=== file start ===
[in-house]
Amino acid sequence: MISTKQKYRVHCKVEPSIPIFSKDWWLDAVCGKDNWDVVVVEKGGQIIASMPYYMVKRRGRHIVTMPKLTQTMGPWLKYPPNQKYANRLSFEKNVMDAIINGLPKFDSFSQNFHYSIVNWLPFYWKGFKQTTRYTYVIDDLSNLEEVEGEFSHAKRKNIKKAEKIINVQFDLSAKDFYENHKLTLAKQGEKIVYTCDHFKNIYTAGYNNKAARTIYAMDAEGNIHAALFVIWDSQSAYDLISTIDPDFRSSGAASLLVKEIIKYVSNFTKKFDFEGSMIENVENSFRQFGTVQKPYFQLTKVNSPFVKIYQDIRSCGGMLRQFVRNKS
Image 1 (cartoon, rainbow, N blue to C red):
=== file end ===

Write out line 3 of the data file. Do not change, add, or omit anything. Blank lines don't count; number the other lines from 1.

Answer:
Image 1 (cartoon, rainbow, N blue to C red):